Hidden Treasures – Somebody Else’s Heirloom, 1940s

I have a small Sailor’s Bible, issued during World War Two.

But the reason I bought it was because of the hidden treasure I found inside – anything extra found inside an old book being a joy only slightly ahead of finding the previous owner’s name and date on the flyleaf.

But it feels like these should be with someone else, heirlooms from their granddad perhaps. Maybe he had no family, maybe they didn’t know this was here, or maybe they were just pretty unsentimental about this kind of thing. My Grandma was in the unsentimental camp – she threw out the love letters sent to her by Grandad, and would sympathise with this view, I expect.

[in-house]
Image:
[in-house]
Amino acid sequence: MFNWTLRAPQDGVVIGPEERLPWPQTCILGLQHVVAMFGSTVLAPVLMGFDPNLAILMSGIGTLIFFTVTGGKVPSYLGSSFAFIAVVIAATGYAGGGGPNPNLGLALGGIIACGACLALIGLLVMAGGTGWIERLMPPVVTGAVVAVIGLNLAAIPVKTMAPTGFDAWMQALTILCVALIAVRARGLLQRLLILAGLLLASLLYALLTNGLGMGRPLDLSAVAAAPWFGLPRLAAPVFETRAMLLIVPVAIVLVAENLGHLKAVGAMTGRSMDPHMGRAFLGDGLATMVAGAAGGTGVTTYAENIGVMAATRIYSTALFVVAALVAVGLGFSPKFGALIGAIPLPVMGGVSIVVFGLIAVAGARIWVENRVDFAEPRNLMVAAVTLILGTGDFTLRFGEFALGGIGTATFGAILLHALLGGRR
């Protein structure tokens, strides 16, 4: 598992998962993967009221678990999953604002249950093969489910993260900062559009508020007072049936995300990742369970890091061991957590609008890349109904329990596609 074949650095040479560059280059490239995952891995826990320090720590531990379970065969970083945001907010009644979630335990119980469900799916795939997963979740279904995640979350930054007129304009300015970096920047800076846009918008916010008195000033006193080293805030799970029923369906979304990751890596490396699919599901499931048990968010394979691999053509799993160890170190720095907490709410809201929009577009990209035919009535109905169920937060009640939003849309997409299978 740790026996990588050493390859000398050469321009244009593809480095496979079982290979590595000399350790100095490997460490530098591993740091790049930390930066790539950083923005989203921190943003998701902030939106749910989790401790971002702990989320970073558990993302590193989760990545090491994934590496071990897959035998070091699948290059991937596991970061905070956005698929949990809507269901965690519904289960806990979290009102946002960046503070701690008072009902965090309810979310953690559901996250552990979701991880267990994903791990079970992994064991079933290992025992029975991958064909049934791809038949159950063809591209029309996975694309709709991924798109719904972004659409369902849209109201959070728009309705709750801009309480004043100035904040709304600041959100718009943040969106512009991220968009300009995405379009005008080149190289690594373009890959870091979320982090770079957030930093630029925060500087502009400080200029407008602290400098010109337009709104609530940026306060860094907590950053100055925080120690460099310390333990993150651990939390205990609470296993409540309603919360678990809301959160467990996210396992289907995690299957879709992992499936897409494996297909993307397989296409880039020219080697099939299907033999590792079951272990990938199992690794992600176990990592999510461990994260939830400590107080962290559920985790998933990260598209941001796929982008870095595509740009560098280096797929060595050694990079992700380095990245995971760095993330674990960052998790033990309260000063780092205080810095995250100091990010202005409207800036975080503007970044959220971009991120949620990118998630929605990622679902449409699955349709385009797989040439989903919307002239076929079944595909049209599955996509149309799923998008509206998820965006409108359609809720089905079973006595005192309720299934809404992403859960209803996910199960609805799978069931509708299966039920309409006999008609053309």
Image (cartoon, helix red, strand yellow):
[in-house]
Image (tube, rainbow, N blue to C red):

There’s an Algerian 50 centime note hidden between the pages:

And further on, a heart-wrenching love poem from the Sailor’s wife, Annie, talking about the wasted years of separation:

I have such a sensation of a microcosm of time here – a bible with, possibly, emergency money hidden inside and a poem to remind him of home and raise morale. I wonder if the position of the money, on the page telling the story of the scapegoat, was significant at all.

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